-- Kaylee (Jewel Staite) is happy and cheerful, and appears to like Simon. The parasol she carries during the Persephone scenes is like her: cute, charming, useful, but fragile. The parasol even has a rip in it, just as Kaylee does when she is shot in a later scene. Jayne is nasty to her at first, but later seems upset when she is shot.

-- Simon Tam (Sean Maher) was a trauma surgeon in Capital City, on Osiris. He was in the top 3% of his class in medical school. He is a good doctor. And he would kill for his sister.

-- River Tam (Summer Glau) is sixteen or seventeen. Simon says she is incredibly gifted and more intelligent than he is, but something is very wrong with her because of what happened during her two plus years at the "Academy." She is extremely valuable to the Alliance, which has to be a set-up for plotlines in future episodes.

-- Book (Ron Glass) is all about the journey. His character is like the audience: an outside observer of what's going on. He says twice that he never married, which I think establishes that "shepherds" (missionaries) do indeed marry. He just spent a long time "out of the world" in Southdown Abbey.

Bits and pieces:

-- The credit sequence is a mournful masterpiece. The music beautifully reflects the core and mood of the story ("You can't take the sky from me"). Each cast member's facial expression in their credit shot says something important about their character; only Kaylee, the eternally cheerful one, is actually smiling. And the sequence ends with a shot of wild horses, which is symbolic of what they are.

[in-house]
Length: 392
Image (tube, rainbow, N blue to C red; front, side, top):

-- The first shot of the series is an explosion. It starts with a bang.

-- These are humans. There is mention of "Earth-that-was," and there are many familiar cultural references.

-- I think Mal is still wearing his old uniform: khaki pants, boots, brown shirt and coat. Love the suspenders.

-- Food is extremely valuable. The fresh vegetables Book brings aboard are treated like delicacies and Kaylee nearly has an orgasm eating a fresh strawberry. The concentrated food bars are valuable contraband. And people on Persephone are eating dog.

-- Patience (involuntarily) pays Mal in platinum.

-- Life is much harder on the outer planets; plagues and famines are mentioned.

-- Along with the Chinese phrases, there is also an Asian influence in some of the clothing and in the furnishings of Inara's shuttle.

-- The Alliance officer on the I.A.V. Dortmunder is played by Andy Umberger, who also played D'Hoffryn on Buffy and the ooky detachable surgeon on Angel. The actors who play Dobson and Badger are also Buffyverse alumni.

-- A complement of nine people appears to constitute a "full house" on Serenity.

-- The song "Cry baby cry" is by the Beatles.

-- This week's planets: Persephone and Whitefall, which is the fourth moon of Athens. They never did make it to Boros. Inara was born on Sihnon. Simon and River are from Osiris.


Mal: "We've done the impossible, and that makes us mighty."

Wash, playing with plastic dinosaurs: "Curse your sudden but inevitable betrayal!" I thought this was a hint that Jayne would betray Mal, but no.

Mal: "Jayne, your mouth is talkin'. You might wanna look to that."

Simon: "What happens if they board us?"
Zoe: "If they take the ship, they'll rape us to death, eat our flesh, and sew our skins into their clothing. And if we're very, very lucky, they'll do it in that order." Reavers. Not unlike the Bush Administration.

Zoe: "She still has the advantage over us."
Mal: "Everyone always does. That's what makes us special."

Mal: "I realize certain words were exchanged. Also, certain bullets."

Zoe: "Sir? I'd like you to take the helm, please. I need this man to tear all my clothes off."
Wash: "Work, work, work."

I don't often rate pilots because they're usually not typical of a show. But this is a very strong pilot. It's a shame the network didn't air it as one,